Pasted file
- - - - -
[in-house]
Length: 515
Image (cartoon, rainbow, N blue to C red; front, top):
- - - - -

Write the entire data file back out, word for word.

[in-house]
Length: 515
Image (cartoon, rainbow, N blue to C red; front, top):